Emerald is now predominantly a major regional centre servicing the coal mining sector. Having originally been an agricultural community, it has seen significant growth due to the Bowen Basin coal mining fields. Currently the resource sector is picking up and in turn has created more jobs which has tightened the rental market, pushing rents up and values are now starting to firm. We also have some solar farm projects underway and the Fairbairn Dam Spillway is under repair. While coal prices enjoy a better period, so will our residential market.


The Whitsundays market’s primary driver is tourism. The secondary driver is farming (sugar cane and beef in Proserpine, crops and beef in Bowen).

The Whitsundays was affected by Tropical Cyclone Debbie which hit the area on 28 March 2017. A year on and there is still significant repair work to be completed including to Daydream Island, Hayman Island and Hamilton Island along with the smaller resorts on the other Whitsunday islands. The surge of tradesmen coming to the area combined with the number of locals made homeless due to Tropical Cyclone Debbie have put pressure on and have made a noticeable increase in rents in the current market. It is unknown how long this demand will be in play. It is expected that the insurance work will continue for the next six to twelve months.

Regional QLD rent

The Whitsundays is showing early signs of improvement in the current market. With fingers crossed that there are no more cyclones and with islands opening up again, we look forward to the next 12 months.


When thinking about the numbers that matter, we thought we would look at the roller coaster that has been the Mackay residential market over the past five or six years and compare some interesting statistics and measures. A simple snapshot of these measures is contained in the below graph.

Regional QLD rent 2

The Mackay residential market is heavily influenced by the mining activities associated with the Bowen Basin. One of the main measures relating to mining is the price of metallurgical or coking coal. During the peak period in 2012, coking coal prices sat at around the $250 per tonne mark. The price then fell significantly to around $90 per tonne during the mining downturn in 2015.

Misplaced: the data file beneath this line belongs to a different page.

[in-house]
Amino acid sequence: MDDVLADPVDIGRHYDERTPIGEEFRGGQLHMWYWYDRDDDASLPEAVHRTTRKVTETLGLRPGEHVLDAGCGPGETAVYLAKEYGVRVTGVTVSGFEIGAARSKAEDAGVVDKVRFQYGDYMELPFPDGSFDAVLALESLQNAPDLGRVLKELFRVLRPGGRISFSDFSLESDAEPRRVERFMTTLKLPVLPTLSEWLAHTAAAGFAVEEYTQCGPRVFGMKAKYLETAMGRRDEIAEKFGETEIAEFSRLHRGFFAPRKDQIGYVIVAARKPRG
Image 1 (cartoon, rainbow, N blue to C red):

On the back of falling coal prices and the major downturn in the mining sector, we saw the flow on effect to other measures in the economy. For instance, the unemployment rate in Mackay was at 3.2% during 2012, before rising significantly to 8.4% at the height of the mining downturn in 2015.

What did this mean then for the Mackay residential market? Well, vacancy rates in Mackay were around the 1% at the peak of the market in 2011/2012. Vacancy rates then blew out significantly to 9.8% during the mining downturn in 2015. This weakening demand led to the median rent for a 3-bedroom dwelling to fall significantly from around the $480 per week mark in 2012 to $290 per week in 2015.

It wasn’t only the rental market that experienced the full force of the mining downturn. The median sale price of dwellings also fell significantly from $426,000 in 2012 to $345,000 in 2015 with sales volumes virtually halving during this period.

So how does the current Mackay economy and residential market stack up against these historical figures? The good news is that on almost every measure, the Mackay market has improved, with a stronger mining sector, increased employment opportunities and significant infrastructure projects.

The price of coking coal has increased significantly (albeit is volatile) since the downturn (around $90 per tonne) to around the $190 per tonne mark at the end of 2017. Due to a stronger resource sector and expanded infrastructure projects, the unemployment rate for Mackay has also fallen (from 8.4%) to currently stand at 4.4%.